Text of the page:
Being something of a bibliophile – more than 1,400 books are waiting awaiting my return in Springfield – I’m always on the lookout for new books and find bookstores something of a danger. I joked with some friends back home before leaving for Rome that I might have to keep a tally of the books I acquire in these next three years. After almost two weeks in Italy, that tally is now at just four books, one of which is the text for my Italian classes.
Thursday my fellow students and I were shown some of the ancient and important books in the library of the Sacro Convento here in Assisi. Since it is attached to the Basilica of St. Francis, a couple of the seminarians and I decided to visit the bookstore (I had been staying away from bookstores as a caution).
- The Icon of the Christ of San Damiano by Marc Picard, O.F.M., Cap. (Assisi: Casa Editrice Francescana, 2012);
- The Little Flowers of Saint Clare by Piero Bargellini (Assisi: Edizioni Porziuncola, 2011); and,
- Assisi in the Footseps of Saint Francis by Theophile Desbonnets (Assisi: Edizioni Porziuncola, 2007).
I had a bit of free time yesterday afternoon and went to pray before the San Damiano Cross, which is presently housed in the Basilica of Saint Clare.
I took with me The Icon of the Christ of San Damiano and was struck by the following observation:
The border of the icon sets the tone immediately. It is formed of a great number of shells. Among the ancients, the seashell had become a symbol of the beauty and eternity of heaven because of its beauty and endurance. So this border of seashells shows us that the icon is destined by its nature to reveal heavenly mystery. However, the border is not fully complete. It is not closed at the base but a space has been left to allow for an entry (14, emphasis mine).
To enter into the mystery of the Cross of Christ. Was this not the very desire of Saint Francis of Assisi? Is this not what he asked for on Mount LaVerna where he received the stigmata? Is this not what each of us is also called to do, to enter into the mystery of the Lord’s Cross?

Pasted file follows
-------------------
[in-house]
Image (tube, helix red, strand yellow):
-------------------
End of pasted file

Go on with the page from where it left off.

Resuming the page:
To enter into the Crucified Lord is to enter into eternity. To enter into the Crucified Lord is to find true and lasting peace and joy.
Even so, too often we shy away from the Cross because we do not recognize the truth of what the writer of this sacred icon knew. The wisdom of the Cross – by the world’s standard, the folly – is that only by entering into the Cross can the glory of the Lord be known; only by entering into his Passion can we share in his glory.
If we look at the figures depicted in the icon – Mary, John, the centurion, etc. – we see that they “are all bathed in the light” that comes from the glory of the Risen Lord (24). What is more,
…the characters are exactly the same size. This detail means that the most important thing is not the personal holiness of each one, but that Christ is “all in all” (Colossians 3:11)… [I]t is helpful for us to discover that the characters resemble one another, all having the same large eyes, small mouths, and oval shaped faces. If we look at Jesus we find the same characteristics. The words of St. Paul suddenly come to our hearts: “They are the ones he chose specially, long ago, and intended them to become true images of his Son” (Romans 8:29) (24).
Whether Francis understand these various meanings when this crucifix spoke to him is difficult to say, but in the end his life makes clear that the meanings are true. By sharing in the Passion of the Lord – both spiritually and bodily – Francis truly became another Christ and manifested the Lord’s love in an attractive and unmistakable way. So it is that we rightly call him a Saint.
By meditating on the image of Crucified Love, by entering into the mystery of the Cross, we, too, like Saint Francis, can become other Christ’s and manifest his love in an attractive and unmistakable way. This why Saint Clare urges us to look upon the Cross:
Place your mind before the mirror of eternity! Place your soul in the brilliance of glory! Place your heart in the figure of the divine substance! And transform your whole being into the image of the Godhead Itself through contemplation (The Third Letter to Blessed Agnes of Prague, 12-13)!
By daily praying the crucifix of San Damiano, Saint Clare truly understood its meaning and encouraged others to live it with her.
Whenever we look upon an image of the Crucified Lord, we cannot help but notice the titulus above him that declares him to be truly the King. “Before this inscription there is no escape; one must opt either for or against Jesus. To remain neutral is not possible” (36).
Buying that little book was money well spent and lead to fruitful prayer. If only the same could said of every book!